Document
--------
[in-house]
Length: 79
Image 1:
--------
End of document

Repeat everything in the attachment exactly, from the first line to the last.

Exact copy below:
[in-house]
Length: 79
Image 1: